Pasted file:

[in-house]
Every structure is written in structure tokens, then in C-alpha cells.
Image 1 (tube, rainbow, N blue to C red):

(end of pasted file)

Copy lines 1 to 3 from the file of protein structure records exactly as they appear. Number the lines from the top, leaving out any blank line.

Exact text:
[in-house]
Every structure is written in structure tokens, then in C-alpha cells.
Image 1 (tube, rainbow, N blue to C red):